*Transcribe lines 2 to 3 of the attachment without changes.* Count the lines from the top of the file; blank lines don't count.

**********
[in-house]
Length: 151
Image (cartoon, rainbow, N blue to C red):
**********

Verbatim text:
Length: 151
Image (cartoon, rainbow, N blue to C red):